6. There will be a ‘security check’ and applicants will have to declare if they had any criminal convictions.

7. The Home Office says it intends to provide an assisted digital service for vulnerable individuals. The Migration Observatory at the University of Oxford has identified several groups that might fail to secure their rights if they cannot apply for settled status, from victims of domestic violence and exploitation, to the elderly, to people with disabilities or without digital skills.

8. The cost will be the same of a British passport, little more than 70 GBP, and the procedure will be free of charge for individuals who already obtained a permanent residence card under EU rules.

9. The Immigration Minister said in January that decisions on ‘settled status’ will be made within a couple of weeks from the application.

10. There will be an administrative review mechanism to resolve errors and the Home Office said it will provide support to ensure an application is not rejected just because of simple mistakes or omissions.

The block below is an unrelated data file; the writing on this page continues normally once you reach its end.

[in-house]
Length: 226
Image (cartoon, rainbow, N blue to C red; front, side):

11. It was also said that when making decisions, caseworkers will exercise discretion in favour of applicants.

12. According to the withdrawal agreement, settled status can be denied based on existing EU rules, that is to people with a record of serious criminal offenses, who represent a risk to the public, or if applications are fraudulent.

13. If an application is rejected, there will be a right to appeal through an “independent judicial authority”, as there is now for immigration decisions (waiting times soared in the past year, however, according to The Independent).

14. People appealing “will be able to remain in the UK pending conclusion of the appeals process, unless a deportation decision is made, or the individual is in the UK in breach of a deportation or exclusion order,” according to a letter by the Immigration Minister.

15. The deadline to apply for the new documents is June 2021.